April 23, 2024

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“Bill” Kollidas: Arctic sea ice continues to decline for the 46th year

“Bill” Kollidas: Arctic sea ice continues to decline for the 46th year

Sea ice continues to shrink in the Arctic Ocean, and the numbers are alarming according to EMY Director Theodoris Koulidas.

In particular, meteorologist Mr. Koulidas noted on his personal website that Arctic sea ice “continues to shrink and weaken through 2024. The maximum winter ice cover in the Arctic Ocean corresponds to a 46-year-long decline.”

Todoris Koulidas posted in detail

Analysis of satellite observations revealed that the total area of ​​the Arctic Ocean covered by sea ice reached 6 million square miles (15.65 million square kilometers) on March 14, according to NASA. This means that there is 247,000 square miles (640,000 square kilometers) of ice below the average maximum extent between 1981 and 2010. Overall, the maximum Arctic winter ice cover has decreased by an area the size of Alaska since 1979.

The map above shows the extent of ice on March 14, the annual maximum day. To determine the extent, scientists project satellite observations of sea ice onto a grid, then sum the total area of ​​each cell that is at least 15% covered by ice. The yellow chart shows the average February sea ice extent from 1981 to 2010. The average is the median value, meaning that half of the extents were greater than the yellow line and half were less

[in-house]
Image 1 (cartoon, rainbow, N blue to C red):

The analysis is based on data collected by microwave sensors on the Nimbus-7 satellite, which is operated jointly by NASA and the National Oceanic and Atmospheric Administration (NOAA), along with satellites in the Defense Meteorological Satellite Program.

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This graph shows the daily extent of sea ice by mid-March 2024 (red) compared to the record low of 2017 (orange) and the average range from 1981 to 2010 (blue). This year's Arctic sea ice maximum is the 14th lowest on record. Complex weather patterns make it difficult to predict what will happen in any given year. Scientists at NASA and the National Snow and Ice Data Center (NSIDC) at the University of Colorado, Boulder, monitor these seasonal and annual changes because sea ice shapes Earth's polar ecosystems and plays an important role in global climate.

“The sea ice and the snow above it are very reflective,” said glaciologist Lynette Boisvert of NASA's Goddard Space Flight Center. “In the summer, if we have more sea ice, it reflects the sun's radiation and helps keep the planet cool.” Conversely, shrinking ice makes the Earth more susceptible to solar heating. The exposed ocean is darker and absorbs solar radiation more easily, capturing and storing this energy and ultimately contributing to the warming of the planet's oceans and atmosphere. Sea ice around the poles is more sensitive to weather conditions than it was a dozen years ago. Ice thickness measurements collected by laser altimeters on NASA's ICESat-2 satellite show that less ice manages to survive the warmer months. This means that new ice has to form from scratch every year, rather than building on top of old ice to form thicker layers. Thin ice, in turn, is more vulnerable to melting from multi-year accumulations.

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“The thinking is that within a few decades, we will have essentially ice-free summers,” Boisvert said, with the ice cover reduced to less than 400,000 square miles (1 million square kilometers) and most of the Arctic Ocean exposed to warm sunlight. It shines.

Source: NASA Earth Observatory I.

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